Turning my knowledge and frustration into a business idea took some time and, again, happened by accident. I was asked to participate in an interpreting role play back in 2004 by a colleague of mine, Sarina Phan, who developed a training module with VTPU (Victorian Transcultural Psychiatry Unit), designed for clinicians working with interpreters. This was my first opportunity to show professional clients how to work with interpreters, something I was simply dying to do. Around the same time, I was approached by Ljubica Petrov, from the Centre of Cultural Diversity in Ageing and asked to deliver a number of diversity training sessions at aged care facilities across Victoria on CCDA’s behalf. This led to a long term relationship with Mayfield Education, where I delivered cultural diversity workshops for their Certificate IV in Aged Care and Patient Services. At this stage, I was also burning out from doing up to 8 hours of interpreting and travelling per day, and felt that sharing my knowledge with others might be a better use of my skills and resources. I had lots to say but rather than complain, I wanted to use my energy towards creating something positive. As my translation and interpreting business was growing, I increasingly began presenting at conferences, running ad hoc workshops for clients and colleagues and so I decided that I would like to include training in my suite of services on an on-going basis.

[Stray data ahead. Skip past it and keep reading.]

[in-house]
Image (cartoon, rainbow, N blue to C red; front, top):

My market research indicated that there were many providers of How to Work with Interpreters, Cultural Diversity and Cultural Competency training packages. I looked at the competition, their pricing and course structure to see if there were any gaps. What did I have that the others didn’t? What did I know that was new, fresh and interesting? Can working with interpreters, diversity and cultural competency be combined? Did I really have something unique to say? Where could I acquire clients? How could they benefit from my experience? My head was buzzing.